Both The Tempest and Disgrace explore the theme of injustice and they comment on the nature of power through the motifs of sex and love. In both works men attempt to exert power over women through sex. David Lurie, a middle-aged man sleeps with a young prostitute frequently and takes advantage of his student, Melanie. David struggles to see the parallels between his daughter’s rape and his own sexual prowess on the university campus. Nevertheless, something gradually changes in him as he works at the animal shelter. He begins to have sex with Bev Shaw, who is his age and unattractive. He sees a kind of nobility in loving her, just as he sees nobility in taking care of the dogs. Sex, for David, changes from a being means of exerting power over women to a means of means of loving someone. If there is any justice for Lucy’s rape, it is that her father has stopped being a sexual predator. Through this motif of sex, Coetzee seems to comment on power relations in South Africa, suggesting that the injustices of apartheid can only be reconciled by if the white ruling-class is willing to change their ways and accept the changes that come their way. 

Sex and love are motifs that can be found in The Tempest as well. Caliban tries to exert his power over Prospero by raping his daughter, Miranda. He regrets that his attempt was not successful, as he would have happily populated the island with little Calibans, as he says. Because Caliban behaves so savagely, Prospero feels entitled to take the island from him. He tries, in vain, to teach Caliban to be more civilised, but Caliban is a bad servant and not loyal to his master. In this colonial context, the audience senses that any Caliban deserves any injustice that Prospero inflicts on him. In contrast, the injustice that Antonio inflicted on his brother requires reconciliation. When Prospero discovers that his daughter has fallen in love with his enemy’s son, Ferdinand, it is easier to forgive his brother of any wrongdoings. The play ends with a moralistic soliloquy in which forgiveness is presented as the remedy for injustice. Similarly, David Lurie comes to realise this and drives to Melanie’s parents house to ask them for forgiveness for what he has done to their daughter. It is only through his love for dogs, Bev Shaw and his daughter, Lucy, that he realises that this step is necessary to right his wrongs and give Melanie’s parents some sense of justice. When this novel was written in 1999, only a few years after the Truth and Reconciliation Commission, showing remorse and asking for forgiveness were easily identifiable themes for South Africans. In both literary works, love is depicted as a solution for solving injustice.

In conclusion, the readers of The Tempest and Disgrace are taken on journeys to two very different worlds where characters struggle to overcome the injustices inflicted on them. Despite the one work being written hundreds of years after the other, and despite their different literary formats, both works employ point-of-view, symbolism and motif to show audiences that love and reconciliation are the solutions for overcoming injustice.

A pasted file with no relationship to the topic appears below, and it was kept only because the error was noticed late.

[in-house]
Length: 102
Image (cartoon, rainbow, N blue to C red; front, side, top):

Criterion A: Knowledge, understanding, interpretation and comparison – 10 out of 10

This essay shows excellent understanding of the novel and the play in relation to the essay question. The examples from the works are relevant to the question about injustice. Furthermore, the essay constantly compares and contrasts the works, pointing to key differences between Prospero and David Lurie with respect to the question about injustice. 


Criterion B: Analysis and evaluation – 10 out of 10

The essay is rather detailed about the use of literary features, such as free-indirect speech, motifs and soliloquys. The student evaluates the importance of these features in commenting on the themes of justice, colonialism and power. Even though works are two different literary forms (a play and a novel), the student is still able to make meaningful comparison of how the authors construct meaning in similar and different ways. This is possible because the student focuses on overarching techniques, such as point-of-view, symbols and motifs, and form-specific examples of these, such as dramatic asides or omniscient narration. 


Criterion C: Coherence, balance, focus and organisation - 5 out of 5

The essay develops the idea that reconciliation and love are needed to overcome the injustices caused by colonialism. It is coherent, because it gives examples from the works to support this claim. It is focused, because it explains the relevance of these examples in relation to the essay question. It is organised and balanced, as the paragraphs alternate between works and use connectives to compare and contrast them.


Criterion D: Language - 5 out of 5

The essay is very well written, using a range of vocabulary, literary terms and sentence structures. Complex ideas are expressed effectively through the use of concise and accurate language.

Last modified: Friday, 17 January 2020, 1:14 PM